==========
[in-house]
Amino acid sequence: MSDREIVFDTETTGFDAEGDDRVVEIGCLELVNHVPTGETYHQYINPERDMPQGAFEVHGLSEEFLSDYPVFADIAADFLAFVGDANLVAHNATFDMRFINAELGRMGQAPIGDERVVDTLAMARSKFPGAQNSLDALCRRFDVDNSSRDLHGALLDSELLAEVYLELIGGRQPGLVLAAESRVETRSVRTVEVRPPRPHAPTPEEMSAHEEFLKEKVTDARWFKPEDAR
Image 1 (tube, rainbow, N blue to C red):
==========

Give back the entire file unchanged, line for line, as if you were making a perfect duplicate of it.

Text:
[in-house]
Amino acid sequence: MSDREIVFDTETTGFDAEGDDRVVEIGCLELVNHVPTGETYHQYINPERDMPQGAFEVHGLSEEFLSDYPVFADIAADFLAFVGDANLVAHNATFDMRFINAELGRMGQAPIGDERVVDTLAMARSKFPGAQNSLDALCRRFDVDNSSRDLHGALLDSELLAEVYLELIGGRQPGLVLAAESRVETRSVRTVEVRPPRPHAPTPEEMSAHEEFLKEKVTDARWFKPEDAR
Image 1 (tube, rainbow, N blue to C red):